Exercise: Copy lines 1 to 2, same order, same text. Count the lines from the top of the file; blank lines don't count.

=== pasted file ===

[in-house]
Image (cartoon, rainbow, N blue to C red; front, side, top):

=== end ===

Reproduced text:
[in-house]
Image (cartoon, rainbow, N blue to C red; front, side, top):